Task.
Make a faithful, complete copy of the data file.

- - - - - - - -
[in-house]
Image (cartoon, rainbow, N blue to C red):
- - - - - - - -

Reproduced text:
[in-house]
Image (cartoon, rainbow, N blue to C red):